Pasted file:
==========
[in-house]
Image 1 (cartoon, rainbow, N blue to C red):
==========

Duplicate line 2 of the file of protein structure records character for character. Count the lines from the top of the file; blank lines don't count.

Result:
Image 1 (cartoon, rainbow, N blue to C red):